This is for getting the feel of sound design & music placement for film trailers.
Download the Ableton Live Pack for the Nightcrawler JC Trailer below.
I am just getting started on the road to making movie trailers. It has been something I have been interested in doing for a long time. Crazy enough, I think a lot of trailers are better than the movies themselves. I now know enough about sound design, music composition, and basic film editing to be able to try it out.
You can check out my first full length sound design project in this recreation of the teaser trailer of World War Z. I didn’t go full music composition for that one, but I still think it came out fairly well for a first go at it.
You can also check out the second attempt which was my trailer remix for Nightcrawler. This was more involved and includes music.
A guide to setting up the trailer shell.
What needs to be / should be done before you get to music and sound effects? Here is my process.
I think it is best for us beginners to try and mirror, to some degree, the professionals. The way I do that is first find a trailer that I like and feel I can work with well. For instance, the trailer for Nightcrawler. Once I have decided on the trailer I download it from youtube using clipcoverter.cc. I download two versions. One is the original with the highest resolution possible. The second version is the file I will use in Ableton Live, the audio program I use for my music and sound effects.
Your program might be different, but Live only allows for Quicktime formats. The clipconverter website has a built in converter, which makes everything super easy. I covert the movie from its original format to .mov and choose the Standard Quality 360p file size. I don’t need anything larger when design the music and fx, that would only bog down the CPU. The original file will be what we use for the final product.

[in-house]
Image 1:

Next, I need to get my hands on a full digital copy of the film. Then I need to find its time mark in the actual film. I do this because the trailer already has music and sound effects, but the movie itself has a lot less going on.
I suggest writing down all the lines of dialogue in the trailer and then watching the entire movie marking the time code for each line. Keep in mind that some trailers have lines of dialogue that aren’t actually in the film. This is because sometimes they get their assets before the final cut of the film is made. If you run into this problem try to solve it creatively. There are several lines in the World War Z trailer that weren’t in the film.
After you have marked the time codes for each line it is time to get that audio from the film and into the trailer project. You can do this a number of ways. I use a number of methods. My favorite is to use Adobe Media Encoder to rip only the audio from the original film file. Then I import that audio into Ableton Live and use my time code notes to find what I need. *note: if you are using Ableton Live read this about importing large files
You can also go about recording each individual piece. A third option is audio-extractor.net, which allows you to upload an entire film and then download various audio codecs. It can take some time, depending on your internet’s speed.
Now it is time to line up the dialogue audio from the original film with the dialogue audio from the trailer. This can take some time as well. You can also use the foley audio from the original as well, and it might be the best choice for car, machine, gun, explosions… You may need to recreate some though, because of background music or dialogue, but that is the fun part!
Once you have as much of the dialogue and sound from the original as you can get without that pesky original music it is time to add some of your own! That will be in the next tutorial 😉